Herman Cain faces sexual harassment claims. How much trouble is he in?

Allegations that Herman Cain acted inappropriately toward two female employees in the 1990s are just emerging, and the details could be key. But the allegations will test the Cain campaign.

Pablo Martinez Monsivais/AP
Republican presidential candidate Herman Cain arrives to speak at the American Enterprise Institute for Public Policy Research (AEI) in Washington, Monday. He refused to answer questions about allegations of sexual harassment at the event.

Herman Cain has risen from the lower tier of Republican presidential candidates to front-runner in a heartbeat of political time. The growth and intensity of his support has been a true American phenomenon. But now his position is at risk, as his campaign faces a crisis: a Politico report that Cain was accused of sexually suggestive behavior toward at least two female employees when he was head of the National Restaurant Association in the 1990s.

The two women complained that Mr. Cain had subjected them to language and behavior they found uncomfortable, according to Politico. They received financial settlements in the range of five figures each and left the restaurant trade group, the article adds.

“Politico has confirmed the identities of the two female restaurant association employees who complained about Cain but, for privacy concerns, is not publishing their names,” said the story, which was written by multiple political reporters.

How much trouble is Cain in? Quite a bit, at the moment – though that could change, depending on where this story goes in the days to come.

First off, the Cain campaign’s handling of the story has not been adroit. Spokesman J.D. Gordon has blasted it, without denying its facts.

“Fearing the message of Herman Cain, who is shaking up the political landscape in Washington, inside-the-Beltway media have begun to launch unsubstantiated personal attacks on Cain,” said Mr. Gordon.

Gordon has also said that Cain had told campaign officials that he was “vaguely familiar” with these charges, however.

Confronted directly on a Washington sidewalk, Cain himself ignored a question about the allegations, and asked a reporter whether he’d ever been accused of sexual harassment himself.

Yet the Politico piece is lengthy and detailed as to whether these harassment allegations occurred. Cain will have to deal with them directly at some point – in person, and probably at length. On Monday, Cain did say on Fox News that in the past he had been “falsely accused” of sexual harassment.

Second, Cain has few political allies to help fight through this mess.

His staff is undersized by national campaign standards. He hasn’t received many endorsements from establishment figures – something many of his supporters consider a badge of honor. He just doesn’t have many surrogates who will flood onto cable news chat shows to stand up for him.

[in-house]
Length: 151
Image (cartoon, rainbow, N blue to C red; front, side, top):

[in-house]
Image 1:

Third, the Politico report suggests there was money involved. If true, the payment of financial settlements in these cases could appear damaging to ordinary voters. It’s one thing to have an underling complain about your behavior. It’s quite another to pay them to go away.

That said, details could matter here. At the top levels of US business, nuisance claims are made and settled every day, notes Jennifer Rubin on her conservative-leaning Washington Post blog “Right Turn."

But if Cain was a party to any payouts, he would have had to sign them, making his claim of “vague” memory of the incidents problematic, Ms. Rubin notes. Furthermore, we don’t yet know if there were other such cases, or whether any of the women who alleged poor behavior on the part of Cain actually filed a lawsuit or some other official action against him. If these things happened, Cain may have a much harder time getting past this incident.

Erick Erickson, editor of the conservative RedState blog and himself a former lawyer, notes that settlements of sexual harassment cases can reach into six figures, and that a five figure payout may be just “go away money.”

Mr. Erickson also raises the point of where the story came from. He implies it came from one of Cain’s political rivals – and only one of them has enough money and experience to have a fully developed opposition research arm. (We’ll fill in the dots here and say that person’s initials are “Mitt Romney.”)

“I think people are finally starting to take Herman Cain seriously,” writes Erickson.

Many of Cain’s supporters say the thing they like best about him is that he is not a politician and seems a true outsider. They may see the allegations of sexual harassment as a plot by the establishment to damage a perceived threat. It’s thus possible that the Politico story won’t cost him many votes from his base, after all.

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